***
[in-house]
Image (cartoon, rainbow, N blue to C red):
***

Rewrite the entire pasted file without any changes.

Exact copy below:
[in-house]
Image (cartoon, rainbow, N blue to C red):